Contributed by Thomas B. Holman
Things seldom work out as smoothly as we wrote about them in the last few articles. For example, someone you are attracted to ignores you. Maybe you have trouble even getting first dates. Or you have lots of first dates but few if any second or more dates with the same person. Perhaps you have problems going from “dates” to “in a relationship” or even if you get into boyfriend-girlfriend relationships, they don’t last.
Part of this is just the normal process of finding an eternal mate. Very seldom does the first person we date in our young adult years end up a few months later as our eternal mate. Remember, that is why we date; so we can figure out who from all the people in our pool of eligibles we really want to get serious about—and who wants to get serious about us! We also date so we can figure out how to relate to people, learn from our mistakes, and get better at dating and figuring out how to move from dates to forming relationships and then on to marriage.
Therefore, the purpose of these next five articles is to help you:
- Learn from all your dating experiences (or lack of them!) and become a better person in the process, and
- Figure out how to make dating and relating work better for you when things still aren’t going well.
Recognize You May Be Sending and Receiving Interest Cues Inaccurately
When attraction is high and the probability of acceptance is high, we usually present ourselves honestly, without exaggerating our positive traits or hiding our negative ones. This typically leads to more success in making an initial approach. On the other hand, when attraction is high but probability of acceptance is low, we tend to try to appear the way we think the other person will find attractive. But this tactic often is obvious and typically lessens our chances of success.
No matter what the tactic, once there is an initial contact and a back-and-forth of interest cues, within minutes most of us can gather sufficient information to determine whether the other person is interested in pursuing a relationship. Interest cues—or we might also call them “signals”—are verbal and nonverbal behaviors that we seek, send, and receive as we start trying to get to know a potential partner.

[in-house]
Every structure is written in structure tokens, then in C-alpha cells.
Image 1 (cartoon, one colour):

But sometimes we just seem to do things wrong—wrong thing or wrong timing. Much of this comes from not understanding interest cues from others or not knowing how to send appropriate interest cues that others are willing to receive.
Some of this comes from inexperience in dating. In one study, we learned that young men, who hadn’t had a lot of dating experiences or who hadn’t dated for some time, were more likely than others to go headlong into dating without much subtlety.
“I didn’t really know what I was doing at first. You know, you’re feelings are kind of warped…I just wanted to jump right into it.”
This often leads to mis-sent and mis-received interests cues.
Sometimes we don’t know how to read interest cues or we send the wrong types of signals. As Derek said:
“I’ve made that mistake (misreading an interest cue) a few times and been burned…. Guys can never read girls and girls can never read guys, it seems like.”
Derek’s wrong; young men and women do learn to read interest cues. This learning comes from many sources:
- On their own from thinking about their successful or unsuccessful experiences.
- Watching others to see what they do that is successful or unsuccessful and then trying out those things that seemed to be successful.
- Talking about it with a trusted advisor.
You need to be careful who you take advice from, however. Unfortunately some of them are pretty clueless themselves about how to send appropriate signals or how to read interest cues (watch the movie or read the book, Emma by Jane Austen for a great example of this). Some cues are “successful” in terms of getting dates, but not very good or even downright dishonest and devious, and certainly won’t lead to the type of marriage you want. Some men and women dislike using interest cues because they seem to be part of “playing games” and “manipulative.” Beth said this about a roommate:
She knows how to treat men, and she knows how to manipulate them. She knows how to get what she wants out of a man, and how to get a date.
But Jenny sees this as wrong:
I just can’t respect that [being a “big flirt”] at all, for some reason. Those girls that do that just make me crazy. It seems like they are kissing up to a guy. Like brushing up his male ego, just to get asked out! It just seems like you should just be good friends; that you can do things together without having to do that kind of stuff.
Jenny is right. Therefore, watch, talk to, and learn from trusted adults. This way you can learn how to appropriately express interest at the right time, avoid being manipulated by another’s over-the-top flirting, or becoming an unhealthy manipulator yourself.
In the next article we will help you learn about your “dating style” and how it can affect your ability to appropriately seek, send, and receive interest cues and advance your dating and relationship building.
This article is one of a series. For others in the series, see: